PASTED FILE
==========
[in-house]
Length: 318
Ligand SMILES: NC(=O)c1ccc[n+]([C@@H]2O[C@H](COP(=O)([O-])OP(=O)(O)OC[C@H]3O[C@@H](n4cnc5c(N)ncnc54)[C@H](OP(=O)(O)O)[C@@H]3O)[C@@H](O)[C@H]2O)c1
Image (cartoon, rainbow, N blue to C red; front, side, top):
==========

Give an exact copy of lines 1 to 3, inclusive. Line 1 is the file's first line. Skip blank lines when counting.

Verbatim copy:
[in-house]
Length: 318
Ligand SMILES: NC(=O)c1ccc[n+]([C@@H]2O[C@H](COP(=O)([O-])OP(=O)(O)OC[C@H]3O[C@@H](n4cnc5c(N)ncnc54)[C@H](OP(=O)(O)O)[C@@H]3O)[C@@H](O)[C@H]2O)c1